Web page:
A-Yokai-A-Day: Hoko

Slipcases were made available on the Kickstarter project yesterday, and I am in the process of coming up with more slipcase designs for the other two hardcovers. In addition, more t-shirt and hoodie designs will be posted soon, so if you’re interested in yokai apparel, you have something to get excited about!

On to today’s yokai!

Hōkō
彭侯
ほうこう
“evergreen lord; refers to the penghou”

Hoko, from the Wakan sansai zue

It is said that an old man once cut a camphor tree with an axe, and blood came out from the tree. Inside that tree lived a hōkō.

The hōkō comes from China and appears in a number of Chinese and Japanese chronicles. It is a nature spirit which inhabits 1000-year old trees. It resembles a black dog with no tail and a human-like face. Being a tree spirit, it is said to be similar to a kodama or a yamabiko, although Toriyama Sekien goes out of his way to specifically mention that it is a separate animal from the yamabiko. (Understandable, since it does resemble the yamabiko quite a bit.)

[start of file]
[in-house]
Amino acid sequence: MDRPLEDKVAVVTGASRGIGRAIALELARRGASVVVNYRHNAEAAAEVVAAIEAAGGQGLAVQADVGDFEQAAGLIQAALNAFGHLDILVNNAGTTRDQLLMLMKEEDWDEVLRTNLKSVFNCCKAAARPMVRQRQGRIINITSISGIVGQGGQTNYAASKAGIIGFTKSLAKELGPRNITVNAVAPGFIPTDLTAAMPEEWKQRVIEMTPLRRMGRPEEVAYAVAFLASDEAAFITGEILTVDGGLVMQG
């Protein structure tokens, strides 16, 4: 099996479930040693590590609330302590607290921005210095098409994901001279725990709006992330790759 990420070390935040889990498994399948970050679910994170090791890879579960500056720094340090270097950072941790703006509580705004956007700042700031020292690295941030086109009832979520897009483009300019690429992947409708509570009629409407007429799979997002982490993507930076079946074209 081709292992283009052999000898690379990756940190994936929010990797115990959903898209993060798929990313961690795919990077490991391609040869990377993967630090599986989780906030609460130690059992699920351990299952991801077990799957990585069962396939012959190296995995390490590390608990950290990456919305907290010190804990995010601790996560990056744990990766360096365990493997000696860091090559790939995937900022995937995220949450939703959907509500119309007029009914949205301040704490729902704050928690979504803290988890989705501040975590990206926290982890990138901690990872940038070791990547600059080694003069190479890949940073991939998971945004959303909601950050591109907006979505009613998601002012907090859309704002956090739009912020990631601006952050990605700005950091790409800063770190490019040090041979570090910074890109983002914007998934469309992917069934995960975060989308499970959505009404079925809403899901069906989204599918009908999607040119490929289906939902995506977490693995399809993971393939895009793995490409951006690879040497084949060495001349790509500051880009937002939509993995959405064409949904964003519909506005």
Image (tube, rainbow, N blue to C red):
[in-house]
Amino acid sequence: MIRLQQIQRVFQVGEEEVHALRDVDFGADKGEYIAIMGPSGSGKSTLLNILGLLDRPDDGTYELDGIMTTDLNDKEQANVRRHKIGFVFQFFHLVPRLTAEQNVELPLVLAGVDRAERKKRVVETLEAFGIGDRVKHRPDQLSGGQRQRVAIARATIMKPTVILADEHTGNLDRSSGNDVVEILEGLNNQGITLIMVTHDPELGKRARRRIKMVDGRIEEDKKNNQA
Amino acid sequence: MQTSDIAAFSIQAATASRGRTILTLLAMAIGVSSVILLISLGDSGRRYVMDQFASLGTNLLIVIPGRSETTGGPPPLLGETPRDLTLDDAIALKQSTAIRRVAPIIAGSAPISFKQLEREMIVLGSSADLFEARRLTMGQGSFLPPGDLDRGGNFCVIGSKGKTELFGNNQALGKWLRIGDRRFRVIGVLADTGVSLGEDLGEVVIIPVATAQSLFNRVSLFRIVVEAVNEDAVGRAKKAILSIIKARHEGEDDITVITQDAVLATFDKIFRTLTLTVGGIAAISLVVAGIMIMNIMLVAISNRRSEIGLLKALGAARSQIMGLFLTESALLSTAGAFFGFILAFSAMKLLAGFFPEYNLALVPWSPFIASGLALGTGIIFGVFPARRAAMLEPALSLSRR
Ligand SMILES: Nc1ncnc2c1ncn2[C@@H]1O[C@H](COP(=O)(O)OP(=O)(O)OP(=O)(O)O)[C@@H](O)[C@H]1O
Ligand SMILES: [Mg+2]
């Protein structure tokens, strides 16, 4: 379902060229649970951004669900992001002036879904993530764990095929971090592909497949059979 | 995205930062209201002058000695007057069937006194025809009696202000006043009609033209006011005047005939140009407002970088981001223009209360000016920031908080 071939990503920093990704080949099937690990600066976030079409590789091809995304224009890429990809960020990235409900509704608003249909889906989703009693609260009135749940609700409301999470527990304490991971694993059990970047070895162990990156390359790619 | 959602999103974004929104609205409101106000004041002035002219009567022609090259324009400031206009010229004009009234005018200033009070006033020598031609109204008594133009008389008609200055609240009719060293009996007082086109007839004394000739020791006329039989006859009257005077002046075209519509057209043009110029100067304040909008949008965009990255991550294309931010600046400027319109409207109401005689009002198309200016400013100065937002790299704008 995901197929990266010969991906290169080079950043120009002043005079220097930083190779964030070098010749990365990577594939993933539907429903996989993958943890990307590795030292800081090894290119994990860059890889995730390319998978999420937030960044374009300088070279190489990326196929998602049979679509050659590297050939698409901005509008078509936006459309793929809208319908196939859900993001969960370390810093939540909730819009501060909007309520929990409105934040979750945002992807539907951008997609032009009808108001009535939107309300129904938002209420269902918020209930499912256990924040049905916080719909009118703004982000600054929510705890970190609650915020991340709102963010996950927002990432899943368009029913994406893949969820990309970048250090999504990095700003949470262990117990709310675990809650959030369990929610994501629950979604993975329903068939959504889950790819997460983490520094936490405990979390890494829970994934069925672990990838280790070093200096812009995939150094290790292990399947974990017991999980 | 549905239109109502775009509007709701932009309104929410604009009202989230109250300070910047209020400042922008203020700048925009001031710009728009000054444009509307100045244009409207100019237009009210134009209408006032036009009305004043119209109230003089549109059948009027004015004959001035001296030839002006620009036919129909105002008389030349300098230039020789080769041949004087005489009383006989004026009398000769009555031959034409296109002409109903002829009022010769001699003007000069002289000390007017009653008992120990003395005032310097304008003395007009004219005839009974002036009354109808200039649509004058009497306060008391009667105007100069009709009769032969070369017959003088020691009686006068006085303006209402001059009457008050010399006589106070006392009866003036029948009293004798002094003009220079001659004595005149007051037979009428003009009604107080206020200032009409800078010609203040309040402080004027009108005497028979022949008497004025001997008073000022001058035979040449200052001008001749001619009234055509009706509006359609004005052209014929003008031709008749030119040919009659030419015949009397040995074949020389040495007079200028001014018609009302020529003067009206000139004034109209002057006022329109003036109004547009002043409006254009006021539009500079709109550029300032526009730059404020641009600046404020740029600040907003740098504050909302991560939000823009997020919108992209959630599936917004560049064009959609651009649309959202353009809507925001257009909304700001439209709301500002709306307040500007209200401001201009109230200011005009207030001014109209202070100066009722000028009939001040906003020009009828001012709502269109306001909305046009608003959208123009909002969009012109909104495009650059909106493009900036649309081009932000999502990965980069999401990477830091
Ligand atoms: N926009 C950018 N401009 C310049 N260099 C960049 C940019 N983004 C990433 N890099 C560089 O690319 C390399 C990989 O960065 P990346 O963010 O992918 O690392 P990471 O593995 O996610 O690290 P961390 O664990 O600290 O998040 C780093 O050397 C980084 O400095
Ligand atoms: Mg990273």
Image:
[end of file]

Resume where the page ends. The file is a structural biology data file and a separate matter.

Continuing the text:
Hōkō are recorded as being edible; the ancient Chinese records that mention them include accounts of them being stewed and eaten. Apparently they taste sweet and sour, and similar to dog meat.

Toriyama Sekien’s hoko

Hōkō is the Japanese pronunciation of its Chinese name, Penghou, and thus does not translate perfectly into Japanese. Legends of the creature generally refer to it being found inside of camphor trees. However, the first characters in its name can refer to a different kind of evergreen: the sakaki (Cleyera japonica), which is an important sacred tree in Shinto. The second character in its name was used as a title for feudal lords. It’s not really clear that these were the intended meanings in the original Chinese though. Supposedly, its name was first recorded in the Hakutaku zu (“The Book of the Hakutaku”), a book written many thousands of years ago which has since been lost to history—so the true meaning of its name is difficult to decipher.

Hoko, from The Book of the Hakutaku